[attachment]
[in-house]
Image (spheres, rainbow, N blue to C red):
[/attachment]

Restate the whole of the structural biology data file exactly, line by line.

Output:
[in-house]
Image (spheres, rainbow, N blue to C red):